II The Hongshanhou Archaeological Site
The Hongshan Mountain is located on the bank of the Yingjin River, northeast of Chifeng City, Inner Mongolia Autonomous Region. The mountain covers an area of 10 square kilometers; and it comprises 9 peaks, among which the main peak is 746 meters above sea level. The Hongshanhou settlement site lies on the southeast slope of the secondary peak, and covers an area of roughly 20,000 square meters. The site was firstly excavated by Japanese in 1935, during which semi-subterranean house ruins and ash pits were discovered, with a large number of cultural relics including potteries, stone artifacts, and bone-made artifacts. The excavation of the Hongshanhou Site for the first time revealed the state of prehistoric human production and lifestyle in the West Liao River Basin 6,000 – 5,500 years ago. Furthermore, the Hongshan culture is named after the Hongshanhou Archaeological Site, and it laid one of the foundations for the Chinese civilization, revealed by series of major archaeological discoveries in later times.
III The Weijiawopu Archaeological Site
The Weijiawopu Archaeological Site is located south of Hongshan District, Chifeng City, Inner Mongolia Autonomous Region, 20 kilometers away from downtown Chifeng City. The site is located on a relatively flat platform, and covers an area of 93,000 square meters in total. In May 2008, based on pottery samples collected on surface of the site, archaeologists confirmed that the site used to be a large settlement cluster during the Hongshan culture period. Between 2009 and 2011, a joint archaeology team consisting of the Inner Mongolia Institute of Cultural Relics and Archaeology and the Frontier Archaeology Center of Jilin University officially carried out archaeological excavations at this site, and discovered 103 semi-subterranean house remains, 201 cellars and sacrificial pits, as well as well-preserved trenches. Dating back to 6,000 – 5,500 years ago, the Weijiawopu site is a large-scale settlement cluster that is best preserved and contains the richest varieties and the largest number of unearthed cultural relics, including residential ruins, cellars, sacrificial pits, and trenches.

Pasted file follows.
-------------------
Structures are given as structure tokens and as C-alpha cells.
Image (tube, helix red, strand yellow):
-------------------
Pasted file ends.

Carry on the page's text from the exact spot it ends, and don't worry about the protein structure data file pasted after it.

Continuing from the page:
The discovery and excavations of the Weijiawopu site have supplied rich materials for the study of settlement forms of the Hongshan culture period. The materials are also academically invaluable for the research of the population, society, lifestyle, and human-nature relation during the period. The Weijiawopu Archaeological Site is a relatively high-level residential ensemble with a large size and a great number of well-arranged residential houses. Being settled down, inhabitants of the Hongshan culture developed an advanced agriculture, revealed by the large number of tools for the production. Foods were also provided by hunting, gathering, and fishing. Family became the primarily social unit. In addition, handicraft became increasingly professionalized. In particular, pottery-making was highly developed. Painted pottery characteristic of the Central Plains of China was introduced and widely used. Openness and fusion were the major factor that stimulated the rapid development of Hongshan culture.
Justification of Outstanding Universal Value